Wednesday, May 30, 2018

Brian Romanchuk — Book Review: Prosperity For All

Professor Roger E. A. Farmer has written Prosperity For All: How to Prevent Financial Crises, in which he lays out the case for creating a sovereign wealth fund whose objective is to stabilise financial markets. If we can eliminate financial crises, we can avoid the rise in unemployment that results. Although that is an interesting concept, I was highly skeptical about the idea before I read the book -- and my skepticism remains after reading it. Instead, the discussion of macro theory within the book is why it is of interest.
Bond Economics
Book Review: Prosperity For All
Brian Romanchuk


Konrad said...

“Professor Roger Farmer lays out the case for creating a sovereign wealth fund whose objective is to stabilize financial markets.”

The USA already has a sovereign wealth fund, and it is worth $21 trillion. It’s called the “national debt” and it consists of money that various parties have deposited in Fed savings accounts. Since that money cannot be spent, or otherwise used as regular money, it is called “reserves” (hence the Federal Reserve Bank).

The purpose of reserves is to stabilize the regular money system and the financial system. Sometimes this stabilization goes awry, since Wall Street is infinitely corrupt. However the U.S. government can create infinite dollars out of thin air to bail out Wall Street, and those dollars are accepted worldwide.

For the USA, the way to avoid financial crises is through regulation, which the financiers have done away with by bribing politicians.

Of course, the ultimate way to avoid financial crises is for the general population to be less selfish and greedy. At every socioeconomic level, most people (not all) envy and revere those above them, and despise everyone below them. This is what maintains stratification, corruption, and instability.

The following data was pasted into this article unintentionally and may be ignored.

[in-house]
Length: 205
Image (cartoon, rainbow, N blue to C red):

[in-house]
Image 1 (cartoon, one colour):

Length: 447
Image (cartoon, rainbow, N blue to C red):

As for the book review, I stopped reading when I came to this…

“The traditional Keynesian way to damp down the business cycle is to use fiscal policy as well as monetary policy. Professor Farmer dismisses fiscal policy, arguing that expenditure multipliers are low.

Right. Sure.

Matt Franko said...

You are butchering the terminology...

Konrad said...

Ours is an era of endless lies and b.s.

Therefore candor, honesty, and simplicity is condemned as "butchering the terminology."

"In a time of universal deceit, telling the truth is a revolutionary act."

Andrew Anderson said...

For the USA, the way to avoid financial crises is through regulation, ... Konrad

Let's have 100% private banks with 100% voluntary depositors and it won't matter if they go bust since the economy can carry on while the wreckage is cleared.

And no, we've never had true free banking in the US since we've never had 100% private banks with 100% voluntary depositors.

Moreover, the process of getting to 100% private banks with 100% voluntary depositors could erase a lot of private debt (without disadvantaging non-debtors) via equal fiat distributions to all citizens as government-provided deposit insurance is progressively abolished (say a 10% reduction in the insured limit per year) in order to provide the new "reserves" needed for the transfer of at least some currently insured deposits with the banks, credit unions, etc. to inherently risk-free accounts at the central bank itself.

Bob Roddis said...

It is the fiat funny money regime which causes the instability in the first place. Fiat advocates must know this or else they would actually engage Austrian analysis on the merits and refute it. They know they cannot refute it so they pretend it does not exist.

Andrew Anderson said...

Anything issued and accepted by government for the payment of taxes is FIAT, Bob.

But the Austrian Economists want to make fiat NEEDLESSLY EXPENSIVE to:

1) Limit the issue of it.
2) Profit special interests such as gold owners.
3) Enable lazy, risk-free returns via deflation as the population and economy grows faster than the fiat supply - thereby enabling the old to loot the young and lazy cowards to free ride on the energy and risk-taking of others.

One other thing, Austrians focus exclusively on the limiting the SUPPLY of fiat but what about increasing the DEMAND for fiat by allowing all citizens to use it via inherently risk-free checking/debit accounts at the central bank itself? Where has an Austrian ever advocated that?